Desert Courtyard House, Arizona


published in l'Arca International n. 125


Desert Courtyard House, Scottsdale, Arizona,United States, project: Wendell Burnette Architects



Project Team: Wendell Burnette (Principal-in-charge of Design), Thamarit Suchart (Project Manager/Chief Design Collaborator), Jena Rimkus, Matthew G. Trzebiatowski, Scott Roeder, Brianna Tovsen, Chris Flodin, Colin Bruce; Consultants: Leavitt – Weaver; Rudow + Berry; Associated Engineering; Kunka Engineering; Rick Engineering; Ljusarkitektur P&O AB; Debra Dusenberry Landscape Design; Wardin Cockriel Associates; Contractor: The Construction Zone; Photos: Bill Timmerman



Site is a peninsular of granite outcrops and towering Saguaro cacti surrounded on all sides by deep perennial washes. The land where the house stands, at the end of a long private drive, rises up towards the west where there are great views across layers and layers of mountain ranges in the distance. This is an intricate plot of land, full of indigenous vegetation and rocky outcrops, fractures, and volcanic formations, a microcosm rather like a primeval Zen garden.



The project concept comes from the idea of constructing the house around a central courtyard that seems to emerge from the rocky landscape. It was decided to use the traditional rammed-earth building method for construction purposes. The foundations were made from one single material, so that the walls, floor, ramps, steps and benches look like elongations of the neighbouring rocks.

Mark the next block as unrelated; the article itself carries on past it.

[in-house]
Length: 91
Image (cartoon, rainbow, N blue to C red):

Green River flows into Salt River at the bottom of the valley and that is where one of the world’s hardest aggregates can be found, which is collected for local concrete manufacturing. It was specially chosen for this project and mixed with a small percentage of earth pigment. The surfaces of the plinth were processed using a cement-based matrix to reveal the qualities of the composite material, sand, gravel, pebbles and broken stone, so that it ended up being the sort of ‘window’ into local geological time.



The building winds along an irregular monolithic spiral protecting the courtyard, which is open towards the west, and creates a sort of segmented frame outlining the sky above the garden.



Towards the outside the house structure is embedded with slits, coves and facets evoking the irregular shape of the fully-glazed contours around the courtyard.



In the interiors, blades of light flowing through the side apertures and fissures in the satin-coated steel roof combine with lighting coming from the garden to create plenty of interplay between shadows and reflections that only fade as the desert night falls.